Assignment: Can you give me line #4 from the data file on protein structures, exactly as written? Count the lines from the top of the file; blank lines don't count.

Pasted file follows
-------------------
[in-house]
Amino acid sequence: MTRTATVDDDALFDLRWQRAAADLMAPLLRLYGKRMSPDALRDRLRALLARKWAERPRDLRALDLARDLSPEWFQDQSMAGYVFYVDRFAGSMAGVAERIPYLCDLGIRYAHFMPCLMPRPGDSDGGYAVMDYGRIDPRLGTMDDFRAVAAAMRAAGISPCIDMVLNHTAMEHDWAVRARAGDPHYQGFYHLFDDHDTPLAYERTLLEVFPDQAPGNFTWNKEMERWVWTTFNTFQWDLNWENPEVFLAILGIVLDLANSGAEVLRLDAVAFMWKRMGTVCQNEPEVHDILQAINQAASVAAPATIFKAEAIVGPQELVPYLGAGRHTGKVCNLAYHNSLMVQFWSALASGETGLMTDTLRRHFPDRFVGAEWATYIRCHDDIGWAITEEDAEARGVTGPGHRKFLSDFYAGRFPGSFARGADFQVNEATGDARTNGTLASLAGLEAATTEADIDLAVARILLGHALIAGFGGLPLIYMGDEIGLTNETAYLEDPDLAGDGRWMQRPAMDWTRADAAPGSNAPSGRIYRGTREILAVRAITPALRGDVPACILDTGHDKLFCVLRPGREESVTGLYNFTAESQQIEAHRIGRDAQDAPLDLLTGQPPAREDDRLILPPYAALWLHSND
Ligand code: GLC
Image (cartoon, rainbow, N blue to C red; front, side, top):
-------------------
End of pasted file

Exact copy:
Image (cartoon, rainbow, N blue to C red; front, side, top):